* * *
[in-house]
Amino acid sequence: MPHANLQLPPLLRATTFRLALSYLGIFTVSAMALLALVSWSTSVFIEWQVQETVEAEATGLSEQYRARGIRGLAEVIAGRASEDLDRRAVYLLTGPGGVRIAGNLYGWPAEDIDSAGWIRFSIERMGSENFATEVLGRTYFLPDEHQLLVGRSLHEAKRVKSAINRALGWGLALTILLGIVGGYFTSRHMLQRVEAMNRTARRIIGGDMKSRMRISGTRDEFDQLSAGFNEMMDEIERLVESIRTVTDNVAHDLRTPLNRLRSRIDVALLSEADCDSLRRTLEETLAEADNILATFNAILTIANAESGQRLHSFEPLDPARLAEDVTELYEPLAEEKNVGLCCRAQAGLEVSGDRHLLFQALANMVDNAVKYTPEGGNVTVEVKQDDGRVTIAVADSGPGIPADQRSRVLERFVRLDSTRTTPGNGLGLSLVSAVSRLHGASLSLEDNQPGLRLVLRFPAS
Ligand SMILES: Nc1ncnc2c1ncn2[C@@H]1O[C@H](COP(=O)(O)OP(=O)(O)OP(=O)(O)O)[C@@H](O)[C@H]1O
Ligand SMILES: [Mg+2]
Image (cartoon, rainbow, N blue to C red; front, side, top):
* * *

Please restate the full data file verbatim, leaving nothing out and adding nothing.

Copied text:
[in-house]
Amino acid sequence: MPHANLQLPPLLRATTFRLALSYLGIFTVSAMALLALVSWSTSVFIEWQVQETVEAEATGLSEQYRARGIRGLAEVIAGRASEDLDRRAVYLLTGPGGVRIAGNLYGWPAEDIDSAGWIRFSIERMGSENFATEVLGRTYFLPDEHQLLVGRSLHEAKRVKSAINRALGWGLALTILLGIVGGYFTSRHMLQRVEAMNRTARRIIGGDMKSRMRISGTRDEFDQLSAGFNEMMDEIERLVESIRTVTDNVAHDLRTPLNRLRSRIDVALLSEADCDSLRRTLEETLAEADNILATFNAILTIANAESGQRLHSFEPLDPARLAEDVTELYEPLAEEKNVGLCCRAQAGLEVSGDRHLLFQALANMVDNAVKYTPEGGNVTVEVKQDDGRVTIAVADSGPGIPADQRSRVLERFVRLDSTRTTPGNGLGLSLVSAVSRLHGASLSLEDNQPGLRLVLRFPAS
Ligand SMILES: Nc1ncnc2c1ncn2[C@@H]1O[C@H](COP(=O)(O)OP(=O)(O)OP(=O)(O)O)[C@@H](O)[C@H]1O
Ligand SMILES: [Mg+2]
Image (cartoon, rainbow, N blue to C red; front, side, top):